African swine fever (ASF) is a viral disease that affects members of the Suidae family. The notifiable disease is considered a major threat to the pig industry, animal health, and food security worldwide. According to the European Food Safety Authority, ASF virus (ASFV) survival and transmission in feed and feed materials is a major research gap. Against this background, the objective of this study was to determine the survival of ASFV on re-contaminated spray dried porcine plasma (SDPP) when stored at two different temperatures. To this means, commercial SDPP granules were contaminated with high titers of ASFV in a worst-case re-contamination scenario. Three samples per time point and temperature condition were subjected to blind passaging on macrophage cultures and subsequent haemadsorption test to determine residual infectivity. In addition, viral genome was detected by real-time PCR. The results indicate that heavily re-contaminated SDPP stored at 4°C remains infectious for at least five weeks. In contrast, contaminated SDPP stored at room temperature displayed a distinct ASFV titer reduction after one week and complete inactivation after two weeks. In conclusion, the residual risk of ASFV transmission through re-contaminated SDPP is low, if SDPP is stored at room temperature for a period of at least two weeks before feeding.
Introduction: Despite eradication and control measures applied across Europe, bovine tuberculosis (bTB) remains a constant threat. In Belgium, after several years of bTB disease freedom status, routine movement testing, as currently practiced, revealed itself inadequate to detect some sporadic breakdown herds. The aim of this study was to strike the balance between cost and effectiveness of different surveillance system components to identify sustainable alternatives for early detection and substantiation of freedom of bTB while maintaining acceptance of these amongst the different animal health stakeholders. Methods: Stochastic iteration model was built to simulate, first, the expected current surveillance system performance in terms of sensitivity and specificity of detection. These results were then descriptively compared to observed field results. Secondly, the cost and effectiveness of simulated alternative surveillance components were quantified. To measure impact of key assumptions (i.e. regarding diagnostic tests and true prevalence), sensitivity analysis was performed. Results: Discrepancies between the predicted and observed performance of bTB surveillance in Belgium were observed. Secondly, simulated alternatives revealed that targeted IFN-γ as well serological testing with Antibody ELISA towards risk herds would enable increasing the overall cost and effectiveness of the Belgian bTB surveillance system. Sensitivity analysis showed that results remained constant despite modification of some key assumptions. Discussion: Performance of current bTB surveillance system performance in Belgium was questionable. This exercise highlighted that not only sensitivity, but specificity is a key driver for surveillance performance. The quantitative and participative conceptual framework revealed itself a useful tool to allow evidence-based decision making regarding future tuberculosis surveillance in Belgium, as required by the international standards.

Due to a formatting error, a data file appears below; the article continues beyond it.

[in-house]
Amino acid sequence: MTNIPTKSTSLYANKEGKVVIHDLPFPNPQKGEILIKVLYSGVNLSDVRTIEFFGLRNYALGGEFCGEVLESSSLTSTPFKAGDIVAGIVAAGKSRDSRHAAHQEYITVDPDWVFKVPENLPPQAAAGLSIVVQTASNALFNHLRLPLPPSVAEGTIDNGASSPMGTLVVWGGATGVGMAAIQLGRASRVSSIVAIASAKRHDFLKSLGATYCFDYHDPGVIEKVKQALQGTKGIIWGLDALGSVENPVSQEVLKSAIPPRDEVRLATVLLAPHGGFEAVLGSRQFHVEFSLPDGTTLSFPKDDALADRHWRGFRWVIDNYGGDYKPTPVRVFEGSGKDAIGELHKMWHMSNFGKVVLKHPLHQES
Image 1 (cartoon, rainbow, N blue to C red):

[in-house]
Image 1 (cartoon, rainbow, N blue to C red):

Bovine tuberculosis (bTB) challenges intensive dairy production in Ethiopia and implementation of the test and slaughter control strategy is not economically acceptable in the country. Vaccination of cattle with Bacillus Calmette-Guerin (BCG) could be an important adjunct to control, which would require a diagnostic test to differentiate Mycobacterium bovis (M. bovis)-infected and BCG-vaccinated animals (DIVA role). This study describes evaluation of a DIVA skin test (DST) that is based on a cocktail (DSTc) or fusion (DSTf) of specific (ESAT-6, CFP-10 and Rv3615c) M. bovis proteins in Zebu-Holstein crossbred cattle in Ethiopia. The study animals used were 74 calves (35 BCG-vaccinated and 39 unvaccinated) aged less than three weeks at the start and 68 known bTB positive cows. Six weeks after vaccination, the 74 calves were tested with DSTc and the single intradermal cervical comparative tuberculin (SICCT) test. The cows were tested with DSTc and SICCT test. Reactions to DSTc were not observed in BCG-vaccinated and unvaccinated calves while SICCT test reactions were detected in vaccinated calves. DSTc reactions were detected in 95.6% of the cows and single intradermal tuberculin (SIT) positive reactions were found in 98.2% (95% confidence interval, CI, 92.1–100%). The sensitivity of DSTc was 95.6% (95% CI, 87.6–99.1%), and significantly (P<0.001) higher than the sensitivity (75%, 95% CI, 63.0-84.7%) of the SICCT test at 4mm cutoff. DSTf and DSTc reactions were correlated (r = 0.75; 95% CI =0.53–0.88). In conclusion, DSTc could differentiate M. bovis-infected from BCG-vaccinated cattle in Ethiopia. DST had higher sensitivity than the SICCT test. Hence, DSTc could be used as a diagnostic tool for bTB if BCG vaccination is implemented for the control of bTB in Ethiopia and other countries.